Acrylates are a family of polymers, which are a type of vinyl polymer. Acrylates are of course made from acrylate monomers, and it's about time we explained what those are. Acrylate monomers are usually esters which contain vinyl groups, that is, two carbon atoms double-bonded to each other, directly attached to the carbonyl carbon of the ester group. Some polymers (especially copolymers) contain the free acid, acrylic acid as shown below.

It's important to note the difference between the two vinyl carbons (the alpha and beta carbons to the ester or acid group as shown below). Because of the very polar nature of the carbonyl, pulling electron density away from the normally electron-rich vinyl group, the alpha carbon is more electron poor than the beta carbon. This has a huge effect on the reactivity of the monomer, something we don't have space to go into here. One thing it means, though, is that anionic polymerization becomes possible for acrylates (and methacrylates as well), and this gives polymers with very different backbone tacticities and very different physical properties such as being more crystalline.

Some acrylates have an extra methyl group attached to the alpha carbon, and these are called methacrylates. One of the most common methacrylate polymers is poly(methyl methacrylate).

Acrylate and Methacrylate

one of Nietzsche's lesser known works

One might not think that this little methyl group would make a whole lot of difference in the behavior and properties of the polymer, but it does. Poly(methyl acrylate) is a white rubber at room temperature, but poly(methyl methacrylate) is a strong, hard, and clear plastic.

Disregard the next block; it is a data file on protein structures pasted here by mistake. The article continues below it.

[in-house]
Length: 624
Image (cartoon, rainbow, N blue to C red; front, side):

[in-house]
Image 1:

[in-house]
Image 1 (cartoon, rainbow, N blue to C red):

As it turns out, how soft or hard a polymer is at a given temperature is determined by what we call chain mobility, that is, how well the polymer chains wiggle past and around each other. The more they can move, the softer the polymer is. It helps here to think the scene in the movie Raiders of the Lost Ark, in which our hero Indiana Jones finds himself in an Egyptian temple and ankle deep in slithery poisonous snakes. Polymer chains are like those snakes. Smooth snakes can move past each other very easily. But if you could imagine those snakes having giant barbed spikes all up and down their backs like some of the dinosaurs in another Steven Spielberg film, you can see that they might not be moving around quite as much on the floor of that Egyptian temple. Their spikes would catch on each other, and slithering would become quite difficult.